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2004 - PCI Express: Interconnection For the Next Decades

The start of transition to PCI Express bus from PCI in 2004 was generally a regular event as the industry knew it was coming. However, the significance of the bus, prospects that it enabled for the industry as well as changes that its deployment caused are hard to underestimate.

The original PCI (peripheral serial interconnect) bus introduced in 1993 was a revolution for its time. While PCI bus is still used by many devices, it became obvious even by 1997 (which is when AGP was introduced) that its bandwidth is not enough for graphics accelerators, moreover scalability of PCI's bandwidth was pretty limited and it could not grow as fast as demands from various peripherals. While PCI-X solved the problem for servers, it was a rare guest on desktop computers and was could not be used on notebooks. Finally, parallel approach to data transfer, where a large number of slow-speed links is required meant that add-on cards were relatively large because of large connector. So, sometime in 1999 engineers from Intel as well as Compaq (now HP), IBM and Dell started to design a new serial high-performance data interconnect bus code-named Arapahoe.

The PCI Express bus is based on point-to-point serial links and hence it is very scalable both in terms the amount of lanes as well as clock-speed. It features a number of innovations not available previously on any internal buses. Nonetheless, the PCIe fully maintains software compatibility with conventional PCI. Already the first version of the standard provided 250MB/s of bandwidth per single PCI Express lane, compared to 33MB/s provided by PCI 32-bit/33MHz.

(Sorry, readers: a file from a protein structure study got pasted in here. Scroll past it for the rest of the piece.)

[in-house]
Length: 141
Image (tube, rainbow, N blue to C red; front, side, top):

The increased bandwidth and ability to configure and reconfigure the number of lanes dynamically not only increased performance of personal computers, but also opened the door to a number of technologies and devices previously impossible on the desktop.

The PCI Express bus allowed graphics chip designers to return multi-GPU setups to the market, something impossible with AGP. Makers of advanced solid-state drives and high-end RAID controllers are no longer bandwidth-limited. It is also now possible to create 40Gb Ethernet or 100Gb Ethernet cards. There are a number of other bandwidth-hungry applications that benefit greatly from PCI Express version 1.x and 2.x and the version 3.0 is projected to bring a number of protocol-related improvements, which will particularly help to improve efficiency of GPGPU-based applications.

But not all companies could benefit from the arrival of PCI Express. For example, Creative Technology, once the driving force of high-quality audio on the PC, failed to deliver audio processors that would benefit from PCIe innovations on time assuming that extra bandwidth was not needed for audio. As a result, at some point the company discovered that its expensive audio cards could not compete against inexpensive integrated solutions as their advantages were not obvious to the majority of end-users. Obviously, PCIe bus alone could not help Creative much, but at least it would have paved the way for some creative thinking within the company and could have resulted in new features. A number of other significant names of the past also could not benefit from PCI Express revolution and failed into oblivion.

Starting 2011, some chipsets from Intel Corp. will lose support for PCI, which will mean end-of-life for the bus after 17 years of existence (11 of which it was the primary bus for PCs). By contrast, PCI Express technology is being actively developed even on its sixth year on the market. As a result, it may eventually outlive its predecessor significantly.

 
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